Receive Side of System Simple Receiver Design Simple Receiver

Receive Side of System Simple Receiver Design Simple Receiver
Receive Side of System
Simple Receiver Design
• Reliably discriminate flag byte from noise
• Synchronize receiver clock to the incoming
• Store incoming data until CRC can be
determined and compared
• CRC Match -> pass data to higher level
• CRC Mismatch -> discard data
• Sample input channel 4x per bit period
• Continuously shift data into storage
registers (1 register per bit-period sample)
• After each new bit is shifted in, XOR
register with 0x7E to test for flag
• After successfully identifying a flag byte,
use the timing data to determine phase of
bit stream clock
Simple Receiver Design contd...
Decoding 0x7E Flag
• Continue to shift data into storage registers,
sampling near center of bit period
• Test for stop flag after each bit is shifted in
• Contemporaneously calculate CRC
• When stop flag is identified, compare CRC
calculated at receiver to that sent from
transmitter – forward or discard data
• Continue to monitor channel (flag can serve as
both start and stop flags, so new data may be
coming immediately)
HighHigh-level Data Link Control
(HDLC) Protocol
• OSI Layer 2 – data link layer
• Generic packet form
• Ubiquitous protocol – though a bit old, it’s a
Ex: A Modern Phy/MAC
Phy/MAC Protocol
• 802.15.4 – recently (2003) ratified
• 900 MHz and 2.4 GHz
• 2.4 GHz transceivers available for < $4 in
unit quantity! Includes FW protocol stack
• Complex – not suitable for 55:036 projects
;-) (27 page app. note to blink an LED)
IEEE 802.15.4 Basics
• 802.15.4 is a simple packet data protocol for lightweight
wireless networks
– Channel Access is via Carrier Sense Multiple Access with collision
avoidance and optional time slotting
– Message acknowledgement and an optional beacon structure
– Multi-level security
– Three bands, 27 channels specified
Designing with 802.15.4 and
• 2.4 GHz: 16 channels, 250 kbps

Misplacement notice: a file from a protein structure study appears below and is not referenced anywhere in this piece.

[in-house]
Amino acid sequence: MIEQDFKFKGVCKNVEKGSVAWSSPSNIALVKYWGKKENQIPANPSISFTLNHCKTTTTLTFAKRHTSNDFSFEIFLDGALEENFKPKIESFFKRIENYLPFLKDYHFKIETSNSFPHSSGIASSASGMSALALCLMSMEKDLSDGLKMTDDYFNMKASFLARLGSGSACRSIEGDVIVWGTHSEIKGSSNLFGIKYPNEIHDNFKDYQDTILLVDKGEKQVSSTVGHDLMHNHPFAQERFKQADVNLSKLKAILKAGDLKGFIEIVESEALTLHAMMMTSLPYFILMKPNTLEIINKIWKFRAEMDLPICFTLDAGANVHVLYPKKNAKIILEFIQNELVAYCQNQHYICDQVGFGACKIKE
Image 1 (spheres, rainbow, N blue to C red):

• 868.3 MHz : 1 channel, 20 kbps
• 902-928 MHz: 10 channels, 40 kbps
Industrial Wireless Applications Summit
San Diego, California
9 March 2004
Jon Adams
Director, Radio Technology and Strategy
Motorola Wireless and Mobile Systems Group
Tempe, Arizona
[email protected]
+1 480.413.3439 Office
– Works well for
• Long battery life, selectable latency for controllers, sensors, remote
monitoring and portable electronics
ZigBee Qualification Group
ZigBee Alliance
– Configured for maximum battery life, has the potential to last as
long as the shelf life of most batteries
Copyright 2004 The ZigBee Alliance, Inc.
Copyright 2004 The ZigBee Alliance, Inc.
PHY Performance
IEEE 802.15.4 MAC Overview
Employs 64-bit IEEE & 16-bit short addresses
– Ultimate network size can reach 264 nodes (more than we’ll probably
– Using local addressing, simple networks of more than 65,000 (2^16) nodes
can be configured, with reduced address overhead
802.15.4 has excellent
performance in low
SNR environments
Three devices specified
– Network Coordinator
– Full Function Device (FFD)
– Reduced Function Device (RFD)
Simple frame structure
Reliable delivery of data
AES-128 security
CSMA-CA channel access
Optional superframe structure with beacons
Optional GTS mechanism
Copyright 2004 The ZigBee Alliance, Inc.
Copyright 2004 The ZigBee Alliance, Inc.
Data Frame format
Acknowledgement Frame Format
One of two most basic and important structures in 15.4
Provides up to 104 byte data payload capacity
Data sequence numbering to ensure that packets are tracked
Robust structure improves reception in difficult conditions
Frame Check Sequence (FCS) validates error-free data
Copyright 2004 The ZigBee Alliance, Inc.
• The other most important structure for 15.4
• Provides active feedback from receiver to sender that
packet was received without error
• Short packet that takes advantage of standardsspecified “quiet time” immediately after data packet
Copyright 2004 The ZigBee Alliance, Inc.
MAC Command Frame format
Beacon Frame format
• Mechanism for remote control/configuration of
client nodes
• Allows a centralized network manager to
configure individual clients no matter how
large the network
Copyright 2004 The ZigBee Alliance, Inc.
Beacons add a new level of functionality to a network
Client devices can wake up only when a beacon is to be broadcast,
listen for their address, and if not heard, return to sleep
Beacons are important for mesh and cluster tree networks to keep all
of the nodes synchronized without requiring nodes to consume
precious battery energy listening for long periods of time
Copyright 2004 The ZigBee Alliance, Inc.
ZigBee is Mesh Networking
Protocol Limitations
ZigBee Coordinator (FFD)
ZigBee Router (FFD)
ZigBee End Device (RFD or FFD)
Mesh Link
Star Link
Yes – channel access constraints!
Yes – collision avoidance strategy!
Yes – addressing!
Yes – frequency agility for multipath
• Yes – error correction mechanism!
• Yes – encryption!
• No – data compression!
Copyright 2004 The ZigBee Alliance, Inc.
Chipcon CC2420
• QLP-48 SMT package (7mm x 7mm)
• 2.4 GHz Direct Sequence Spread
Spectrum (DSSS) transceiver
• 10 dBm RF input power
• 250 kbps data rate
• 3.6V (max) power supply
• Bundled 802.15.4 protocol stack
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